"We aren't all 'Strong Black Women'"
“We aren’t all ‘Strong Black Women.’”— National Geographic (@NatGeo) June 8, 2021
When Celeste Green first sent her six words to the project, it kick-started an online exchange that lasted for days. "Has 'strong' become a euphemism for 'it doesn't matter how we treat them, because they'll survive?'" wrote one commenter. pic.twitter.com/XdApjUPoth
Nearly 10 years ago, Celeste Green -- now a doctor in Chapel Hill, North Carolina -- submitted her six-word story: "We aren't all "Strong Black Women."
This submission sparked a heated debate among Race Card Project followers, some who agreed with Green and others who didn't understand her point. Some viewed "strong Black woman" as a trope; others, a trophy.
"Some people were like, 'Right on. Oh, I understand what you're saying. We are not all strong Black women. Why is it that world expects us to shoulder everything?'" Norris said.
Other people, mostly those who were not Black, felt differently and argued that labeling someone as a "strong Black woman" should be a compliment.
Norris said watching this conversation percolate was interesting, as people who did not have any kind of tether to one another were connecting. Maybe they didn't see eye to eye, but she noticed subtle shifts in perception.
"Because we're holding a mirror up to society and talking about it, you will see things you don't agree with. You see things that will make you uncomfortable. You will see things that maybe cause some internal churn," Norris said. "But you will be enriched in some way, despite that, or maybe even because of that -- because this is a difficult issue in our country."
WATCH: Full interview with award-winning journalist and National Geographic explorer Michele Norris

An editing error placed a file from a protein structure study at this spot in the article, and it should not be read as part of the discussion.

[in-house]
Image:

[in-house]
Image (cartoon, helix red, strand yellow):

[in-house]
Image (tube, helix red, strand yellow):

Now vs. then
Norris called the database of submissions a "barometer of what's going on in the news."
Over the past decade, these personal stories reflected national headlines, from the travel Muslim ban and white supremacist rally in Charlottesville to the COVID-19 pandemic and murder of George Floyd.
Norris said she's noticed how the subtleties in individuals' experiences with race hinted at changes that were about to take place in American society.
For example, before the 2016 presidential race and election of Donald Trump, Norris received thousands of submissions that used the word "invisible."
These sentiments would articulate the perspective of being a minority -- from a Black woman who felt overlooked or an Asian man perceived as quiet.
"Suddenly we were seeing more people writing in about feeling invisible who were white, who were white and male," she said. "That was something that was new and, in some way, an indicator of how some people were feeling their place in the world was shifting in a very significant way."
Norris said she hopes that years from now, people can look at her project's archive and understand this interesting and tumultuous era in American history.
For more on Michele Norris' Race Card Project and the powerful stories it unearthed, check out the June issue of National Geographic magazine. You can also find the June issue and Michele's article online at NatGeo.com/Race.
If you are interested in submitting your own six-word prompt on race, go to www.theracecardproject.com.
The Walt Disney Co. is the parent company of National Geographic Partners and this station.